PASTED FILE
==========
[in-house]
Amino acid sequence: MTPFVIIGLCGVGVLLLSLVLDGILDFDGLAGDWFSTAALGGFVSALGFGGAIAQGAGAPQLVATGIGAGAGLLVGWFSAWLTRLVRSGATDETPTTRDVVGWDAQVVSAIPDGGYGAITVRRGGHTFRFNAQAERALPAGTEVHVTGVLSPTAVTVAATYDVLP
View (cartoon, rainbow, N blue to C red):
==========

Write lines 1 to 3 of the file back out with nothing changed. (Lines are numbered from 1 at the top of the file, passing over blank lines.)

[in-house]
Amino acid sequence: MTPFVIIGLCGVGVLLLSLVLDGILDFDGLAGDWFSTAALGGFVSALGFGGAIAQGAGAPQLVATGIGAGAGLLVGWFSAWLTRLVRSGATDETPTTRDVVGWDAQVVSAIPDGGYGAITVRRGGHTFRFNAQAERALPAGTEVHVTGVLSPTAVTVAATYDVLP
View (cartoon, rainbow, N blue to C red):